Legendary jazz guitarist Pat Metheny
tells VOA he walked away from rock and roll as a young man after hearing a 1964 jazz recording of a Miles Davis concert.
Metheny, a 19 time Grammy Award winning musician, spoke with Jazz America
host Russ Davis in New York about his new quartet the Unity Band
, and the band’s eponymous album with Saxophonist Chris Potter, Bassist Ben Williams, and Drummer Antonio Sanchez.
“I can’t remember a time where I didn’t think I would be a musician” Metheny said “The Beatles were powerful and made me want to play the guitar.” But once he got a guitar, he turned his back on Rock & Roll and got interested in Jazz. “My brother brought home a record by Miles Davis called Four & More
. Within about I would say eight seconds, I was gone forever. It was the greatest thing I had ever heard. To this day that record blows my mind exactly the same way,” Metheny said.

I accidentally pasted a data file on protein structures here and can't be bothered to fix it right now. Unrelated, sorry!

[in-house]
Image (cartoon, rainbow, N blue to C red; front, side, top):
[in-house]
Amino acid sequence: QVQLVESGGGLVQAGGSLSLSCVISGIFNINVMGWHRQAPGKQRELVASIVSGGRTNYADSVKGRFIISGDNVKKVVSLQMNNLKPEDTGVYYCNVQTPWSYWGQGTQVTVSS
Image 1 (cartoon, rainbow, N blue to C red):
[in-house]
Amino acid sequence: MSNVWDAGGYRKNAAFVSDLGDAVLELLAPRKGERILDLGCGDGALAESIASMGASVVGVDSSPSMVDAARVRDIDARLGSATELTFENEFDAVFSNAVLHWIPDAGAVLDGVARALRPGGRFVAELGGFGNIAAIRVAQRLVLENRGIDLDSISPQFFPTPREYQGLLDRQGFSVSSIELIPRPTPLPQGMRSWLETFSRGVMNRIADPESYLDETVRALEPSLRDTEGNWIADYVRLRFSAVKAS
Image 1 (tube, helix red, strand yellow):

Metheny told the Jazz America
host that he would run home from school every day to listen to music and “put his head between the speakers.”
Jazz America fans were given a sample from Metheny’s new album Unity Band.
“A good piece of music is universal, but at the same time, it’s specific to the instruments, it’s out of its time, but at the same time it’s timeless; it functions at every level…Jazz, when played well by those who have the capacity to conjure up those large kind of poetic moments, can be a mechanism to view the past and the future,” Metheny said.
The conversation also turned towards his perspective on vitality, jazz philosophy, and his jazz role models. Metheny directed Russ’s attention to his personal jazz hero Ray Haynes and his unabated curiosity. “Age doesn’t have to do with chronology; it has to do with spirit,” he said in response to Russ’ question about how he manages to be an old soul while remaining energetic.